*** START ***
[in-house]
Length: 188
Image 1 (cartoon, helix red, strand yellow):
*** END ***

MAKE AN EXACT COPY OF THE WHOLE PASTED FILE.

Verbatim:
[in-house]
Length: 188
Image 1 (cartoon, helix red, strand yellow):